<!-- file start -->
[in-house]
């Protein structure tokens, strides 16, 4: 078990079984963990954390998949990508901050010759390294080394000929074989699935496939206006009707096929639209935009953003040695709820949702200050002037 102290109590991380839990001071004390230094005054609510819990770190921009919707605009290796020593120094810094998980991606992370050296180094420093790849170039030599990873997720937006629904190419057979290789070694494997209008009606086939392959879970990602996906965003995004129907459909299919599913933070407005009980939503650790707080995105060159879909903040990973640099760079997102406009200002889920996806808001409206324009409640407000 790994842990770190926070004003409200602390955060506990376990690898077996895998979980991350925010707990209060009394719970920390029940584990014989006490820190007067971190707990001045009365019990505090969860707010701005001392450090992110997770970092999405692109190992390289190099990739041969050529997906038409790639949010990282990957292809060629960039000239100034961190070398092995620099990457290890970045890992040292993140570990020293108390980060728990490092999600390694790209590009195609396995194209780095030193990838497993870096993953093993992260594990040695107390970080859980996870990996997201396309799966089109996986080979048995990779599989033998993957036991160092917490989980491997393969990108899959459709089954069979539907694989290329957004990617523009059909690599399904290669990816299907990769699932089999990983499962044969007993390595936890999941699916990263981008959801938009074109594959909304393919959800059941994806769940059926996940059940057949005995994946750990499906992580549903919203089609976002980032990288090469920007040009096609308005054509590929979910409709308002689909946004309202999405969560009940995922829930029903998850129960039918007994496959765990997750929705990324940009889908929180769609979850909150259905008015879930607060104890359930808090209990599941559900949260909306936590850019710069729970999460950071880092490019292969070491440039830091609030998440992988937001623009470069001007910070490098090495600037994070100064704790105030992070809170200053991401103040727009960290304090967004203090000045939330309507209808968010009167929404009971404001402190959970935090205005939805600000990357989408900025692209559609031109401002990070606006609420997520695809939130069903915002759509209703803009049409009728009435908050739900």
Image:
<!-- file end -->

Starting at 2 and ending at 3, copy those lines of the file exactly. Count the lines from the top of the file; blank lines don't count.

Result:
């Protein structure tokens, strides 16, 4: 078990079984963990954390998949990508901050010759390294080394000929074989699935496939206006009707096929639209935009953003040695709820949702200050002037 102290109590991380839990001071004390230094005054609510819990770190921009919707605009290796020593120094810094998980991606992370050296180094420093790849170039030599990873997720937006629904190419057979290789070694494997209008009606086939392959879970990602996906965003995004129907459909299919599913933070407005009980939503650790707080995105060159879909903040990973640099760079997102406009200002889920996806808001409206324009409640407000 790994842990770190926070004003409200602390955060506990376990690898077996895998979980991350925010707990209060009394719970920390029940584990014989006490820190007067971190707990001045009365019990505090969860707010701005001392450090992110997770970092999405692109190992390289190099990739041969050529997906038409790639949010990282990957292809060629960039000239100034961190070398092995620099990457290890970045890992040292993140570990020293108390980060728990490092999600390694790209590009195609396995194209780095030193990838497993870096993953093993992260594990040695107390970080859980996870990996997201396309799966089109996986080979048995990779599989033998993957036991160092917490989980491997393969990108899959459709089954069979539907694989290329957004990617523009059909690599399904290669990816299907990769699932089999990983499962044969007993390595936890999941699916990263981008959801938009074109594959909304393919959800059941994806769940059926996940059940057949005995994946750990499906992580549903919203089609976002980032990288090469920007040009096609308005054509590929979910409709308002689909946004309202999405969560009940995922829930029903998850129960039918007994496959765990997750929705990324940009889908929180769609979850909150259905008015879930607060104890359930808090209990599941559900949260909306936590850019710069729970999460950071880092490019292969070491440039830091609030998440992988937001623009470069001007910070490098090495600037994070100064704790105030992070809170200053991401103040727009960290304090967004203090000045939330309507209808968010009167929404009971404001402190959970935090205005939805600000990357989408900025692209559609031109401002990070606006609420997520695809939130069903915002759509209703803009049409009728009435908050739900």
Image: